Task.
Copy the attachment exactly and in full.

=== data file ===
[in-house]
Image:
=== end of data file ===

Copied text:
[in-house]
Image: